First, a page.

In 1612 an expedition was sent to the southwest coast of Florida to punish the chiefs of Pooy and Tocopaca (Tocobaga) because they had attacked Christian Indians. This expedition also pushed on farther south until it came to the town of Calos, from which more than 60 canoes came out to meet it. The chief of Calos is said to have had more than 70 towns under him, not counting the very great number which paid him tribute because they feared him.54 – The same year Indians came from beyond Calos asking for missionaries.55 A missionary letter of 1618 states, however, that the Indians of Jeaga and Santa Lucia were “rebellious,” and Christianity seems not to have affected them permanently.56 A decade later we hear that hostile English and Dutch vessels were using this territory, particularly that between the bar of Ais and Jeaga, as an anchorage ground.57 In 1680 the clergy of Florida desired to enter upon the conversion of the natives of the southern part of the peninsula, and in consequence the governor of Florida, Don Pablo de Hita Salazar, sent an interpreter to reconnoiter that region. The latter entered several Calos towns, but was finally turned back by the natives, who feared that they should be held responsible by the chief of Calos if they allowed him to proceed to that place. He reported that the Calusa Indians dominated all others in that part of the peninsula and forced them to pay tribute to their chief, who was known as “No he querido” (“Not loved”).58 A letter written in 1681 states that many Indians fleeing from Guale had settled in the towns of Calos.59 Another effort to missionize the Calusa in 1697 also failed, but it is said that the Indians then living on Matacumbe Island were “Catholics.”60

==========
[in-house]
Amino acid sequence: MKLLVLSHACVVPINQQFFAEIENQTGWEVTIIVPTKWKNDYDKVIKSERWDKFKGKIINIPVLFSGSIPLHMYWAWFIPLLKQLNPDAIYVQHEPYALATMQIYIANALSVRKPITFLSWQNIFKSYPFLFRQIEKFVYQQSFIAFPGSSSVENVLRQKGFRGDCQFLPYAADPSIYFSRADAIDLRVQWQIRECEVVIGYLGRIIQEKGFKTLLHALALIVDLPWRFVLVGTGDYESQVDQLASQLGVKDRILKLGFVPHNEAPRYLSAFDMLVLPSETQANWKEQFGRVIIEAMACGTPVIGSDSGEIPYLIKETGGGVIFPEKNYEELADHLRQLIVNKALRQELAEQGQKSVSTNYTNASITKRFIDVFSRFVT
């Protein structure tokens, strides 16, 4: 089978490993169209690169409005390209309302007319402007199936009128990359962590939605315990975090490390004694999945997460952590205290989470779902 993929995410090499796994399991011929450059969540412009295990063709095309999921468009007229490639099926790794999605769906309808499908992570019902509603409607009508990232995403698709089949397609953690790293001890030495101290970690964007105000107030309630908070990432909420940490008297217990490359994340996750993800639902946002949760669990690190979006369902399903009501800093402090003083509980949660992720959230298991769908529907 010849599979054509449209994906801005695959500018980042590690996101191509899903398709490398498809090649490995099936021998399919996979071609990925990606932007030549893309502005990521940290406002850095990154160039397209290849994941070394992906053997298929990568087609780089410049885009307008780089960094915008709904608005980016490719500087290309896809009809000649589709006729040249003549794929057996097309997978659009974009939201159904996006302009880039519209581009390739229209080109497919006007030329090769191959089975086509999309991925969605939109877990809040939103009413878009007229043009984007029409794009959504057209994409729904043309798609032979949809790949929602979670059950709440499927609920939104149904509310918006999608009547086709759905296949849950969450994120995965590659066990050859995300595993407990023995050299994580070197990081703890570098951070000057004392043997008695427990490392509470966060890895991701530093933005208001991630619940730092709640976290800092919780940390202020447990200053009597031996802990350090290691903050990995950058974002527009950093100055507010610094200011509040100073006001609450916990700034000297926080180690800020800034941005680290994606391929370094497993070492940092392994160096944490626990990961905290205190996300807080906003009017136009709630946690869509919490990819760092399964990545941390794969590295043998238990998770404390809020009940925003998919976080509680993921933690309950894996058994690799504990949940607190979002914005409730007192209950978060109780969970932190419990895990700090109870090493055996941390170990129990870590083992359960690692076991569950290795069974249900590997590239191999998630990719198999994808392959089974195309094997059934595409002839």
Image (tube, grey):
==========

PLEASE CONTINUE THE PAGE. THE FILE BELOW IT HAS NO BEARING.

An intimate picture of the Indians of the southeastern coast is given by the Quaker Dickenson, who was cast away there with a party from Pennsylvania in 1699.61 An attempt was made to “reduce” the Ais Indians to the Catholic faith in 1703,62 but there is no evidence that any success was attained, and both they and the Calusa apparently remained unconverted to the very end of Spanish rule. Romans states that in 1763, the year when Florida passed from Spanish to British control, the last of the Calusa people, consisting of 80 families, crossed to Havana.63 Not all of the Calusa left the country, however, and indeed the emigrants may have been Tekesta and other occupants of the eastem shore, who were always rather better inclined toward the Spanish Government than were the Calusa.

Until recently this fate of tho old Florida tribes was remembered by some of the oldest Creek Indians.64 Possibly the Calusa may have emigrated in the year mentioned and returned with the return of the Spaniards 20 years later, but it is improbable that southern Florida was ever entirely abandoned. At any rate some of these people were in occupancy of the territory about Charlotte Harbor and the Caloosahatchie River in the period of the Seminole war. They took no part in this contest during its earlier stages. They made no treaties with the Americans and at no time agreed to remove to the west.

Comparatively unnoticed, they remained in their old haunts, carrying on a considerable commerce with Havana, and looking to that city as their trading point. Williams describes their condition in the first half of the nineteenth century as follows: